By Mitchell Beer | The Energy Mix
After nearly half a century of delaying the shift off fossil fuels, and “with the climate crisis breaching our front door,” 2022 may have been the moment when humanity finally turned a corner on emission reductions, says U.S. climate analyst Dr. Leah Stokes.
Despite a year of severe storms, flooding, drought, and war, “when we look back a decade from now, we may find that 2022 was an inflection point,” writes Stokes, an associate professor of political science at the University of California, Santa Barbara, in a year-end post for the New York Times.
“If moving away from dirty energy is like rerouting a giant ship,” she added, “then this could be the year when world leaders started to turn the tanker around.”
Stokes recalls some of the worst climate disasters of the year—the 33 million people affected when extreme rainfall left one-third of Pakistan under water, the US$50 billion in insured damage that Florida faced after Hurricane Ian, and the megadrought in the western U.S. that left the country’s two biggest reservoirs three-quarters empty. But she also points to major policy and political changes in the U.S., the European Union, Australia, and Brazil, all of them signalling a new seriousness about getting the climate emergency under control.
Much of the shift was accelerated by Russia’s war in Ukraine, which demonstrated the political and security risks for countries that depend on fossil fuel imports.
“An energy transition sounds smooth and orderly,” Stokes says. “But in a year with a brutal war that turned global energy markets upside down, we learned that’s not the way this kind of change will happen. It’s going to be a bumpy ride—an energy disruption.”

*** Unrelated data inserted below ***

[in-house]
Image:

History shows a clear connection between energy system changes and wider crises, whether they occurred in 2022 or 1979.
“When energy supply grows scarce and fossil fuel prices shoot through the roof, governments act,” she writes. “The responses might be Band-Aids—bringing down prices in the short term but doing little to change dependence on dirty energy. Or they could be like major surgery—fundamentally altering energy infrastructure. It’s the latter changes that really count, because they’re harder to reverse.”
Those deeper changes came to the fore in 2022, with the U.S. Inflation Reduction Act earmarking US$370 billion for clean industries and the EU laying the groundwork for deep emission cuts and energy shifts this decade. In separate reports late last year, the International Energy Agency declared a “turning point” for energy efficiency and projected that heat pumps could cut emissions by 500 million tonnes this decade. Stokes says the EU used one-quarter less fossil gas in October and November compared to the five-year average for the same time of year, and Berlin-based Clean Energy Wire reports that Germany’s energy use is now at its lowest since the country’s reunification in 1990.
“As the world manufactures more solar panels, electric vehicles, and heat pumps, it will also learn how to make them more cheaply,” Stokes writes. “That innovation cannot easily be undone. As clean technology falls in price, more consumers and businesses around the world will choose it rather than fossil fuels. Think about how widely cell phones were adopted over land lines after they were more affordable.”
None of which made 2022 any less messy, scary, or disruptive, and it was still a year when countries’ urgent search for short-term energy supplies drove coal use to an all-time high.
So “this year, climate progress has been a dance,” Stokes concludes. “Rather than two steps forward, one step back, it’s unpredictable and improvisational. A tyrant invades a sovereign country, fossil fuels spike in price, rogue actors blow up pipelines, and heat pumps have their breakthrough moment.
“It’s hard to say how things will play out. But my bet is clean energy wins the day.”